Angels where'er we go attend

Angels where'er we go attend

Author: Charles Wesley
Published in 20 hymnals

Representative Text

1 Angels, where'er we go, attend
Our steps, what'er betide,
With watchful care their charge defend,
And evil turn aside.

2 Myriads of bright cherubic bands,
Sent by the King of kings,
Rejoice to bear us in their hands,
And shade us with their wings.

3 Jehovah's charioteers surround;
The ministerial choir
Encamp where'er his heirs are found,
And form our wall of fire.

4 Ten thousand offices unseen
For us they gladly do,
Deliver in the furnace keen,
And safe escort us through.

5 But thronging round, with busiest love
They guard the dying breast,
The lurking fiend far off remove,
And sing our souls to rest.

6 And when our spirits we reign,
On outstretched wings they bear,
And lodge us in the arms of divine,
And leave us ever there.

Source: The Book of Worship #146

Author: Charles Wesley

Charles Wesley, M.A. was the great hymn-writer of the Wesley family, perhaps, taking quantity and quality into consideration, the great hymn-writer of all ages. Charles Wesley was the youngest son and 18th child of Samuel and Susanna Wesley, and was born at Epworth Rectory, Dec. 18, 1707. In 1716 he went to Westminster School, being provided with a home and board by his elder brother Samuel, then usher at the school, until 1721, when he was elected King's Scholar, and as such received his board and education free. In 1726 Charles Wesley was elected to a Westminster studentship at Christ Church, Oxford, where he took his degree in 1729, and became a college tutor. In the early part of the same year his religious impressions were much deepene… Go to person page >

Text Information

First Line: Angels where'er we go attend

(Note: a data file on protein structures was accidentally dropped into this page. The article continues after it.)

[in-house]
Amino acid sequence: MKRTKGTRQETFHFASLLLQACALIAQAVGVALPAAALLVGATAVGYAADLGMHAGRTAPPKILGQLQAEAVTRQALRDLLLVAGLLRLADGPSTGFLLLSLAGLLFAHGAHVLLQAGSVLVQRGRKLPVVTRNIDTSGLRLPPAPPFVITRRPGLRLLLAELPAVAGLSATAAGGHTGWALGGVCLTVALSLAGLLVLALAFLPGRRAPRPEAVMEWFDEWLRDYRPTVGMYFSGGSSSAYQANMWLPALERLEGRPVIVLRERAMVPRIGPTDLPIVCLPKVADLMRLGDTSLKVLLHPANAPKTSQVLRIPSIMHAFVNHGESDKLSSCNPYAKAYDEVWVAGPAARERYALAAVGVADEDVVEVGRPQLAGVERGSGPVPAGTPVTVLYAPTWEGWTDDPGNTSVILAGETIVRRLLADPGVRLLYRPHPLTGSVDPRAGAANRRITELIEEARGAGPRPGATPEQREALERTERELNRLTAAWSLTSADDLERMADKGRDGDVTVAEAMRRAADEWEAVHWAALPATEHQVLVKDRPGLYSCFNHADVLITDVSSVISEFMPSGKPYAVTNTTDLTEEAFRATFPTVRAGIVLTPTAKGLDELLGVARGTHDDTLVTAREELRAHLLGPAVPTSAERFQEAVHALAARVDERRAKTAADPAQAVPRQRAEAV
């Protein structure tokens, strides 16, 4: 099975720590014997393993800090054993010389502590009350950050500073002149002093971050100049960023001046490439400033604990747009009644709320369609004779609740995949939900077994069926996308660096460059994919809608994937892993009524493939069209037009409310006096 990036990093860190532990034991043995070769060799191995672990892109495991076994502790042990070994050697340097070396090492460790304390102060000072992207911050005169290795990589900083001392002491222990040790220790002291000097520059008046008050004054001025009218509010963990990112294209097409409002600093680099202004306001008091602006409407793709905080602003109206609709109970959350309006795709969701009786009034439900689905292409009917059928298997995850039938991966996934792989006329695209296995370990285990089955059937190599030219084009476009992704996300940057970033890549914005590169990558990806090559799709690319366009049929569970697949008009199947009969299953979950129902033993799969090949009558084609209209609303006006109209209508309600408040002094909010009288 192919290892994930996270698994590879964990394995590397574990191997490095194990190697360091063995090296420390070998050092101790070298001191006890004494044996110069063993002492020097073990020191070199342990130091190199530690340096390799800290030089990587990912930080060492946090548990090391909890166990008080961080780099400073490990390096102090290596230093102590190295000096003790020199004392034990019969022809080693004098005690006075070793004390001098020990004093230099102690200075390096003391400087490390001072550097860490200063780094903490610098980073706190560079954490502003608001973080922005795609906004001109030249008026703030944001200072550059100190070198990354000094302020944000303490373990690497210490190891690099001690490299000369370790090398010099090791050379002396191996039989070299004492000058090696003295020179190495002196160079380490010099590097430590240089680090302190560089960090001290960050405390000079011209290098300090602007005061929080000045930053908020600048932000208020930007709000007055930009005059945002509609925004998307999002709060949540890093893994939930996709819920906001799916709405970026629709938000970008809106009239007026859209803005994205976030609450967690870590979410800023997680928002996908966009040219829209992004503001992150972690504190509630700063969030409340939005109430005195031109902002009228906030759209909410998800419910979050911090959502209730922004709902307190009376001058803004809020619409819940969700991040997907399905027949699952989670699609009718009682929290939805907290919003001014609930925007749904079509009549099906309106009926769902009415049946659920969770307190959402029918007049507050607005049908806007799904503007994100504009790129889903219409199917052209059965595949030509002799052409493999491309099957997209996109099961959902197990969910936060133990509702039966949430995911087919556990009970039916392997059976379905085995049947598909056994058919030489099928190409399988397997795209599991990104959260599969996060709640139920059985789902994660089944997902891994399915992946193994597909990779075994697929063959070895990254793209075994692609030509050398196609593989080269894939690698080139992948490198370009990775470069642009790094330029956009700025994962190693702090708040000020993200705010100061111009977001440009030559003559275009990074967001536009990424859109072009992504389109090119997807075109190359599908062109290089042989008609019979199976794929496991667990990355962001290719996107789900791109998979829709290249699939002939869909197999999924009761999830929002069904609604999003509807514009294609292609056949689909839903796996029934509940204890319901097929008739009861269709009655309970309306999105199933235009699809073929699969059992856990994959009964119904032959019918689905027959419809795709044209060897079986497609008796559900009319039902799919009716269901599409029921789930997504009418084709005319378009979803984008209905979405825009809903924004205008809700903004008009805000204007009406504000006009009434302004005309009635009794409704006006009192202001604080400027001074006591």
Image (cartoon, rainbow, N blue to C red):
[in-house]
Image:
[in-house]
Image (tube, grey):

Author: Charles Wesley

Notes

Angels where'er we go attend. C. Wesley. [Ministry of Angels.] Two centos beginning with this stanza are in common use as follows: (1) Mercer, Oxford ed. App. 1873, No. 532. This is compiled from the hymn "Which of the petty Kings of earth," by C. Wesley, which was included from his manuscript in Dr. Leifchild's Original Hymns, 1842, in 12 stanzas of 4 lines, and again in the Poetical Works of J. & C. Wesley, 1868-72, vol. xiii. pp. 118-119, in 6 stanzas of 8 lines, and based on Heb. i. 14. The arrangement in Mercer is—stanza i. is Wesley iii., 1. 1-4; ii. is Wesley i., 1. 5-8; iii. and iv. are Wesley v.; and v. and vi. are Wesley vi. (2) The second cento is in the American Dutch Reformed Hymns of the Church, N. Y. 1869, thus: stanza i. and ii., as in Mercer, slightly altered; iii. is Wesley i., 1.1-4; and iv. is lines 5-8 of stanza vi. of Wesley's hymn, "Ye simple souls that stray." (q. v.) 1747. -- John Julian, Dictionary of Hymnology (1907)

Timeline

Instances

Instances (1 - 20 of 20)
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A Collection of Hymns #21

A Collection of Hymns for Public, Social and Domestic Worship #d43

A Collection of Hymns for Public, Social and Domestic Worship #d43

A Collection of Hymns for Public, Social, and Domestic Worship #d43

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A Collection of Hymns for Public, Social, and Domestic Worship #660

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Church Pastorals, hymns and tunes for public and social worship #820

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Hymns and Offices of Worship: for use in schools: with an appendix of tunes #17

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Hymns for Church and Home #11

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Offices of Worship and Hymns: with tunes, 3rd ed., revised and enlarged #223

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Plymouth Collection of Hymns and Tunes; for the use of Christian Congregations #942

The Association Hymn Book #d5

TextPage Scan

The Book of Worship #146

The Saints' Harp #d62

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